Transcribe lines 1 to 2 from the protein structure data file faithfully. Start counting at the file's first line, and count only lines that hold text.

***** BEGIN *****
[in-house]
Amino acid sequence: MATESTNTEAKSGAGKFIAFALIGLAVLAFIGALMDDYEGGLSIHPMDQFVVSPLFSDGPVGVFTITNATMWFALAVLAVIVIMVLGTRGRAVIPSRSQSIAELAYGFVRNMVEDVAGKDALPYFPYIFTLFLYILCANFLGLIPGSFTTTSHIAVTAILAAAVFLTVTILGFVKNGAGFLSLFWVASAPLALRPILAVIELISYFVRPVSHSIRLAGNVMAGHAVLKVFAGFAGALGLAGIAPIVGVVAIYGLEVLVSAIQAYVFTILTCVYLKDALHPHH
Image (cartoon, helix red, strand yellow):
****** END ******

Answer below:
[in-house]
Amino acid sequence: MATESTNTEAKSGAGKFIAFALIGLAVLAFIGALMDDYEGGLSIHPMDQFVVSPLFSDGPVGVFTITNATMWFALAVLAVIVIMVLGTRGRAVIPSRSQSIAELAYGFVRNMVEDVAGKDALPYFPYIFTLFLYILCANFLGLIPGSFTTTSHIAVTAILAAAVFLTVTILGFVKNGAGFLSLFWVASAPLALRPILAVIELISYFVRPVSHSIRLAGNVMAGHAVLKVFAGFAGALGLAGIAPIVGVVAIYGLEVLVSAIQAYVFTILTCVYLKDALHPHH